@hamptonio I made it roughly 2x faster (in Firefox 62 on Debian Buster) by avoiding memory allocation by [...] inside the loop: https://mathr.co.uk/tmp/Newton%27s%20method%20for%20a%20cubic.html
here's one of my experiments from 2012 with GLSL fragment shader (using desktop OpenGL, not WebGL)
https://archive.org/details/ClaudiusMaximus_-_Fractal_Juggling_v0_3 I think it ran in realtime, but it's so long ago that I forgot...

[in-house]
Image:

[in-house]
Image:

@hamptonio Oh! I found my code, and turns out I already ported it to WebGL (runs 60fps full screen realtime on my system but I have a beefy GPU..).
drag with left-mouse-button pressed to add a new root (the path is recorded and animated, but there is no visual feedback in the process, and you need 2 or 3 paths to get something interesting...).
http://code.mathr.co.uk/fractaloids for source/history browser
@mathr Ah that's awesome thanks!
A Mastodon instance for maths people. The kind of people who make \(\pi z^2 \times a\) jokes.
\) for inline LaTeX, and
\] for display mode.